I have been seeking information about superfast broadband for our village since April 2014. Two years later, we are now at the point where almost every household will have that availability, if choosing to upgrade.
During those two years, I discovered a few properties (my own included) were linked via a legacy connection to Cabinet 3 at Dunston Top, rather than to Pillar 3/2 outside the Post Office. Whilst initially finding that Cabinet 3 had been an early upgrade for fibre (FTTC), when I checked my telephone number via the BT Fibre Availability Checker, I found I might not get superfast broadband after all.
After contacting BT, I was very disappointed to be told by the Customer Call Centre representative that superfast broadband was not available for my telephone line, but could not elaborate on the reason.
I was later informed by OnLincolnshire that our property is situated too far away from the fibre cabinet (2.5 kilometres) for BT Infinity. As my line is connected by legacy wiring to the fibre cabinet, it seems the signal speed deteriorates over distance and there would be no benefit to me. Hence my enthusiasm to get a new fibre cabinet installed in Nocton.
When the new fibre Cabinet 17 was installed opposite the Post Office, I did think (rather naively) that my line would automatically transfer over, but now find this will not be the case.
From: Stephen Brookes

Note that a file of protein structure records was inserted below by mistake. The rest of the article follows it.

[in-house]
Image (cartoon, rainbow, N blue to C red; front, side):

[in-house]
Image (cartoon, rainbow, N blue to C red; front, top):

Sent: 20 April 2016 11:55
To: Geoff Hall
Cc: Marianne Overton MBE <email@example.com>
Subject: RE: Upgrade for Nocton
Good Morning Geoff,
Please see response from BT below. In essence, they are unable to change the routing of the lines mentioned because of an OFCOM ruling that deals with what they call 'Equivalence'. In simple terms, if BT were to re-route these lines, they would be obligated to do the same for everyone else in the UK that wanted this done, irrespective of which ISP they used.
This is something we are well aware of as we are seeing it in other areas as well. I am putting together a technical representation to OFCOM on behalf of another customer, but in truth, I don't hold out much hope.
DSLAM is stood, road crossing complete (for copper). As for the prems below; we cannot really do anything for them as we would have to move their lines from Cab 3 to the new 17. Equivalence becomes any issue for us. In terms of degraded Ali cables – this will disappear once the fibre is installed."
Lincolnshire Broadband Programme Manager
Tel. 01522 552450
Mob. 07825 043978
From: Geoff Hall
Sent: 20 April 2016 14:02
To: Stephen Brookes
Subject: RE: Upgrade for Nocton
Thanks for pursuing this and for the rather expected response from BT.
I managed to speak with two BT Openreach guys on their site visit this morning and who examined both telephone poles concerned with Cab 3 and Cab 17 - they were clearly aware of the anomaly with these legacy lines. Perhaps their visit was coincidental but I suspect not?
I was given the impression our lines might be relocated, but it would have to be as a separate job to that of making Cab 17 live, but obviously that is not to be the case.